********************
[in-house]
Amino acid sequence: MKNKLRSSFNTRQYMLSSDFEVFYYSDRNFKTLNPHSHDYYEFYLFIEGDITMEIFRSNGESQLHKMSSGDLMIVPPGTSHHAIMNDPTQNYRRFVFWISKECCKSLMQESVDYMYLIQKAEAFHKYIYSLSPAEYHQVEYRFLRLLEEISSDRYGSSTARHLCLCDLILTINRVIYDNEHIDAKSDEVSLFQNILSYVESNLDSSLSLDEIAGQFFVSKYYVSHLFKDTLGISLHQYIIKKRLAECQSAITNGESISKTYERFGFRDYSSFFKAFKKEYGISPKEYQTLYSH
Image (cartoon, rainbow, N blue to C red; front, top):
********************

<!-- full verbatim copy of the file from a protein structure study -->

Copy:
[in-house]
Amino acid sequence: MKNKLRSSFNTRQYMLSSDFEVFYYSDRNFKTLNPHSHDYYEFYLFIEGDITMEIFRSNGESQLHKMSSGDLMIVPPGTSHHAIMNDPTQNYRRFVFWISKECCKSLMQESVDYMYLIQKAEAFHKYIYSLSPAEYHQVEYRFLRLLEEISSDRYGSSTARHLCLCDLILTINRVIYDNEHIDAKSDEVSLFQNILSYVESNLDSSLSLDEIAGQFFVSKYYVSHLFKDTLGISLHQYIIKKRLAECQSAITNGESISKTYERFGFRDYSSFFKAFKKEYGISPKEYQTLYSH
Image (cartoon, rainbow, N blue to C red; front, top):